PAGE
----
The European Parliament together with the permanent representatives of Czechia, Sweden, Spain, Belgium and France agreed to approve the Pact on Migration and Asylum by February 2024, to ensure that the legislation is adopted before the next European elections in May 2024.
In the document, it is stated that the Pact, together with the Common European Asylum System “represent a top priority in the work of the European Parliament and the Council of the European Union and both sides should make the necessary efforts and work together as closely as possible, in a spirit of sincere cooperation, towards the adoption of the legislative proposals before the end of the 2019-2024 legislative period”.
The document states that to reach an agreement before February 2024, negotiations between co-legislators should start by the end of 2022.
“Citizens expect solutions on migration. Delaying decisions is not an option” wrote European Parliament President Roberta Metsola in a Tweet.
“For too long we have been pushing for common EU action. A big step forward, creating important momentum to deliver” she added.
However, despite promising to finalise the legislative reforms, no information was given on why this is any more likely than in the past. National governments remain divided on migration and asylum reform, as they have been since the crisis caused by large numbers of migrants arriving in Europe fleeing civil war in Syria in 2015.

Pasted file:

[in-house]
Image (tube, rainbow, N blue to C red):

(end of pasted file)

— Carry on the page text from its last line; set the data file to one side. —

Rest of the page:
Having failed to reach agreement on a radical reform of the EU’s immigration and asylum system in the last legislative term which ended in 2019, the European Commission launched in September 2020 a Pact on Migration and Asylum, whose approval has been delayed by a failure to reach agreement among national governments.
Having tried and failed to persuade EU governments to agree to resettlement quotas, the “voluntary solidarity mechanism” put forward by France in the final weeks of its six month EU presidency earlier this year called for willing EU countries to take in asylum-seekers from those on the bloc’s southern periphery. 13 EU countries gave their support to join the scheme. Ministers have also agreed to provide financial assistance for other relocations to take place.
Around 8,000 relocations have been agreed so far, in line with the Commission’s target of 10,000 asylum seekers being relocated from frontline states such as Greece, Italy and Malta to other EU countries in the first year. If the trial works, it can be renewed on an annual basis.
However, 16 EU countries had proposed a more restrictive course in EU migration policy. In a joint declaration, the EU states called primarily for more robust protection of the EU’s external border to prevent “illegal migration” and a more restrictive return policy.
In the meantime, most competences on border management in the hands of member states. The absence of an harmonised EU migration policy is one of the contributing factors to the significant bureaucratic delays in handling asylum applications.
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